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Old 09-01-2008, 12:45 AM   #1 (permalink)
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Drawing a line for aerodynamics

something occured to me in the 1980s, early 90s. The first zippy little car I ever drove was an mx6 (a mazda). As it turns out, ALL zippy fwd cars have some easily identifiable association with sumilar aerodynamics, size and shape to this very flunking day.
I felt very confident climbing into the 80s mph on a dirt road...and then it happened. the cars back end floated for at least a mile. I knew not to touch the brakes. the biggest frustration was letting off throttle letting the engine be the brake...and the transverse idiot design fed the float. It is in all cars today. every last fwd ricer..
I drew the line. I would rather a slightly jacked up goofy shape that will tell me way way before sports car attempt that the car is too light to pretend with aerodynaimcs. Weight is the bigger factor, and as it turns out...when you do have weight...noone talks aerodynamics anymore.

Be Careful with your hypermiling aerodynamic pursuits. Obvious flaws may be for the very reason I just spoke. A false sense of confidence is deadly...aerodynamics is one of them.

A four wheel drive in the little car category helps, even in places that don't need it. Imagine if they made it a standard to really acheive instead of cheapskating with life and death...

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Old 09-01-2008, 12:51 AM   #2 (permalink)
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Old 09-01-2008, 01:04 AM   #3 (permalink)
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Put the bottle/pipe/joint down dude.......
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Old 09-01-2008, 01:18 AM   #4 (permalink)
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Humm... You were doing over 80 mph on a dirt road, and you think it was aerodynamics making the rear end float? Sure :-)
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Old 02-17-2010, 11:48 AM   #5 (permalink)
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Quote:
Originally Posted by bgd73 View Post
something occured to me in the 1980s, early 90s. The first zippy little car I ever drove was an mx6 (a mazda). As it turns out, ALL zippy fwd cars have some easily identifiable association with sumilar aerodynamics, size and shape to this very flunking day.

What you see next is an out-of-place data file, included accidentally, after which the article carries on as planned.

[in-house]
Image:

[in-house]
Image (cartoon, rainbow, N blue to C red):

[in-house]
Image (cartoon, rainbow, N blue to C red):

I felt very confident climbing into the 80s mph on a dirt road...and then it happened. the cars back end floated for at least a mile. I knew not to touch the brakes. the biggest frustration was letting off throttle letting the engine be the brake...and the transverse idiot design fed the float. It is in all cars today. every last fwd ricer..
I drew the line. I would rather a slightly jacked up goofy shape that will tell me way way before sports car attempt that the car is too light to pretend with aerodynaimcs. Weight is the bigger factor, and as it turns out...when you do have weight...noone talks aerodynamics anymore. Be Careful with your hypermiling aerodynamic pursuits. Obvious flaws may be for the very reason I just spoke. A false sense of confidence is deadly...aerodynamics is one of them.

A four wheel drive in the little car category helps, even in places that don't need it. Imagine if they made it a standard to really acheive instead of cheapskating with life and death...
I seem to recalled reading about Bajoos and his AeroCivic... Weight was added. Aerodynmics were the outcome.

Its not the weight. You can add weight and get better FE. You can subtract weight and get better FE. Its the aerodynamics. If I drove a 1970s Mustang, and swapped all the metal with fiberglass... I will only get minimal results. Same thing as if I had a 2001 Lancer. Weight reduction only goes a short distance.


Thats about all I can figure he's talking about. I could be way off.
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Old 02-17-2010, 12:30 PM   #6 (permalink)
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It's in just about every FWD car and has nothing to do with aerodynamics. It's the front to rear weight ratio. FWD cars are usually so light in back that they fishtail easily. Your 80 mph on a dirt road is about the same as driving normally in the snow.

One reason I prefer wagons is they have a little more weight in the back. I also keep some extra weight in back too for better control. One reason I won't drive my Celebrity in winter is it fishtails too easily. My friend noticed the same thing between a Taurus sedan and the equivalent Taurus wagon.

Letting off the throttle to be the brake, same deal. When going down a steep slippery hill, I'll often shift into Neutral so I don't have the front end trying to hold me back and encouraging the rear end to break loose. At least when using the actual brakes to maintain speed, I have 4 wheels slowing me down instead of the 2 front ones.

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